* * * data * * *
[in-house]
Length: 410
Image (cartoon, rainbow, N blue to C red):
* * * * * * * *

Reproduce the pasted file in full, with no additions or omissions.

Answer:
[in-house]
Length: 410
Image (cartoon, rainbow, N blue to C red):